U.K.'s First Gasification Plant Gets Go Ahead

Facility will turn waste into electricity and hydrogen for fuel cells.

By Sean Ottewell, Editor at Large

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Advanced Westinghouse plasma gasification technology supplied by AlterNRG, Calgary, Alberta, is at the heart of a new energy-from-waste (EFW) plant to be built in Teesside, North East England. When complete, the 50-MW plant, which is being constructed by Air Products, Walton-on-Thames, U.K., will be the first of its type in the country and the largest of its type in the world.

The process produces 42% less carbon dioxide per MWh than traditional methods.


The gasification process exposes feedstock, which can include household and industrial waste and biomass, to plasma torches at temperatures over 5,000°C in the presence of controlled amounts of steam, air and oxygen. This produces syngas and a glassy slag, which can be recovered and used as building aggregate. Eighty percent of the energy input is converted into syngas, which is cooled, purified and used to produce electricity. The process reportedly produces 42% less carbon dioxide per megawatt hour (MWh) than simply burning the waste.

"Our investment in advanced gasification EFW technology is a natural extension of our onsite business model. Offering an innovative growth opportunity, it allows us to further extend our leading position in the global energy market and continue to deliver on Air Products' commitment to sustainability," says John McGlade, the company's chairman, president and CEO.

"The U.K. is committed to diversifying its sources of energy, strengthening its energy security and reducing carbon emissions. This pioneering clean energy technology model is well-suited to these requirements, offering a sustainable solution to the U.K.'s waste management strategy. The facility will also create skilled jobs in the area and we are hopeful it will provide an indirect boost to the local economy through the use of local service companies, hotels and other businesses," he adds.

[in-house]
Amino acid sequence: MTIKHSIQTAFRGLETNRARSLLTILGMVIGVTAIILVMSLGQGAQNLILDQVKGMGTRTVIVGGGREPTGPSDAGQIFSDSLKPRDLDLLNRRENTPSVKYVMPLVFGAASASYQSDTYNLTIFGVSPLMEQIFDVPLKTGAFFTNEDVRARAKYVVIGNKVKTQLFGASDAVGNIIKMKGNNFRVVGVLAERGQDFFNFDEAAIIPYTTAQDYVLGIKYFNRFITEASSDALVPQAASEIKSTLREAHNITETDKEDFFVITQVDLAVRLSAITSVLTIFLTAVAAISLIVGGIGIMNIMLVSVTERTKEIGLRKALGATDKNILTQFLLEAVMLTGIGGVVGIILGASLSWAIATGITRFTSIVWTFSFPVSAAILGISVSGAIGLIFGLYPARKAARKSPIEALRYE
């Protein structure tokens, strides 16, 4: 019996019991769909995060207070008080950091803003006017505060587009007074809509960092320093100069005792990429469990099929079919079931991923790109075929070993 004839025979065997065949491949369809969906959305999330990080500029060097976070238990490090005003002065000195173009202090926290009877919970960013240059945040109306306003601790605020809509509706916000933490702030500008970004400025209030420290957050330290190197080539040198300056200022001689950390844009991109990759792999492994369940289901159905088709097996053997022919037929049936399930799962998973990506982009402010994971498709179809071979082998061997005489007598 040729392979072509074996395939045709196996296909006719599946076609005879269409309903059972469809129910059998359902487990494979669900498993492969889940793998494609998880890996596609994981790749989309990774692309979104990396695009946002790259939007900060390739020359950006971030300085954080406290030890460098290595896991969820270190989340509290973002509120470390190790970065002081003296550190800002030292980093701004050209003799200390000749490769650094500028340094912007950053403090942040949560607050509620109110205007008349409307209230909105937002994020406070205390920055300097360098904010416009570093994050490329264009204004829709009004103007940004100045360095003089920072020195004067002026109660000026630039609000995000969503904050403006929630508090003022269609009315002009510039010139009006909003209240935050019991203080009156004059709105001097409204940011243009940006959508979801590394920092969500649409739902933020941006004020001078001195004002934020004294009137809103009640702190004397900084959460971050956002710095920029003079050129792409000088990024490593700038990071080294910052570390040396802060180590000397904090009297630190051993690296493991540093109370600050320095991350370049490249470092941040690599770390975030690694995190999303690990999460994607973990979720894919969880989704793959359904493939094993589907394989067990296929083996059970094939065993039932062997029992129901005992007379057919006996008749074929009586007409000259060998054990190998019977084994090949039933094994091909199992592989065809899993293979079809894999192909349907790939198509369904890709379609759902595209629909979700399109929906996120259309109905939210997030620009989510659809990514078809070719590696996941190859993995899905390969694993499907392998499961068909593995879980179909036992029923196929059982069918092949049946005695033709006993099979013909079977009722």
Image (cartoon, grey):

The plant is expected to produce enough reliable, controllable and renewable electricity to power up to 50,000 homes. Situated in a location with access and connectivity to the local and national electrical distribution infrastructure, and close to landfill disposal facilities, the plant will divert up to 350,000 metric tons of non-recyclable waste from landfill per year — helping the U.K. meet waste diversion targets.

Hydrogen from the plant could also be used to power fuel cells in vehicles, after being distributed via Air Products' newly-opened hydrogen fuelling station at Heathrow airport near London. That station is currently being used in a trial involving five hydrogen-powered taxis that were first introduced during the recent Olympic games in London.

Air Products has secured the necessary environmental and planning approvals and the renewable energy facility is scheduled to enter commercial operation in 2014. Work has already begun to prepare the site. Full-scale construction activities will begin ramping up in the fall.

"Advanced gasification has a key role to play in delivering renewable energy and I warmly welcome the decision by Air Products to proceed with its Tees Valley Renewable Energy Facility. Air Products' announcement reflects the U.K.'s commitment and support for clean energy, combined with our stable and transparent environment for investors," says U.K. deputy Prime Minister Nick Clegg.

In a related development, Waste2Tricity, London, is to build a demonstration facility at the gasification plant. The company specializes in using fuel cells to increase the efficiency of waste-to-energy technologies and in March received a £1-million ($1.57-million) loan from AFC Energy, Cranleigh, U.K., a developer of low-cost alkaline fuel-cell technology.


In part, Waste2Tricity used the capital to acquire exclusive U.K. deployment rights for AFC Energy alkaline fuel cells. It's also working to integrate AFC Energy's new generation alkaline fuel cell with Westinghouse plasma gasification technology for future projects.

According to the company, this novel combination will increase electrical output by 50% for the same feedstock input — for no significant additional capital expenditure per MW — and with a lower projected operating expenditure.

The company expects to have demonstrated the combined technologies at commercial scale by 2016. Waste2Tricity sees this as the first step in bridging the funding gap for the technology, allowing it to plan the deployment of AFC Energy fuel cells and demonstrate a commercial model both more profitable and with greener credentials than anything currently available on the market.



SEÁN OTTEWELL is Chemical Processing's Editor at Large. You can e-mail him at sottewell@putman.net.

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